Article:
b) I’ve moved away from drama, why would I jump straight into bed with someone I’d just met on my first night, jeopardise the fantastic opportunity I’d been given, bringing drama to my door again?
c) professionally – I’d never involve myself with anyone from work, let alone before I’d even started work there – what impression would that make!?
d) Bottom line – He was really unattractive. No….just no
11.00am I should have been starting my first shift of my new job. The police were with me at about 10.30am, taking initial reports, taking some of my clothes and bedding for investigation as well as a sample of my wee and the tissues I’d used to wipe. I was told to get my things together, pack them into my car ready for later as I wouldn’t be able to stay back at the hotel that night – I’d have to go back home where I’d only left 20 hours earlier. I was taken to the local police station and was told I’d have to wait there until a safe centre in Preston was ready to conduct all of the examinations on me. I was in so much shock, I could barely react, almost making light of some things; I just shut down.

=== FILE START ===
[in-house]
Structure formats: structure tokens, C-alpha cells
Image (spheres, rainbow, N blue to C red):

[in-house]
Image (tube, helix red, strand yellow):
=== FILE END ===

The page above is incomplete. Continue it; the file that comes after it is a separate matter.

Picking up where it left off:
8 hours I waited at the police station. 8 long, agonising hours. Not able to shower, brush my hair, put make-up on. Nothing. I was walking, talking evidence. I felt horrific. Inside and out. The “hangover” was getting worse and unlike anything I’ve ever felt; I knew something wasn’t right, it wasn’t just alcohol I’d consumed, I’d been drugged. If it hadn’t been the guy I was dating’s dad’s birthday he would have been right there with me, but as it stood, I was alone. I didn’t want to tell anyone until I knew exactly what was going on; and what would I tell them anyway!? It felt like I’d lost a battle before it had even begun, like I can’t be let loose out of sight for 24 hours without something horrific happening. Those 8 hours in the police station were the most horrible 8 hours of my life; I’ll never forget how lonely I was, how much I craved a hug, a cry, any form of humanity. Because I lacked this, I closed myself off from everything, probably why I’ve still not reacted and still struggling with my emotions. Sadly, my phone charger was in my car, 2 hours into this wait, my phone died. Nothing but the posters in the police station and the odd stranger who came in to pass the time. It’s not like I was in the mood for talking either. All I could do was replay everything, over and over and over in my head; it was torture.